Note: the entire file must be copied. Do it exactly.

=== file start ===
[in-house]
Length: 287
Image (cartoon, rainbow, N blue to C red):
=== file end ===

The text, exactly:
[in-house]
Length: 287
Image (cartoon, rainbow, N blue to C red):